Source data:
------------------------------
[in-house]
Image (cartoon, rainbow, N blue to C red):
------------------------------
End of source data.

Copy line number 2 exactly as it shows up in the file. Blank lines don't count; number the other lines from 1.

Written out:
Image (cartoon, rainbow, N blue to C red):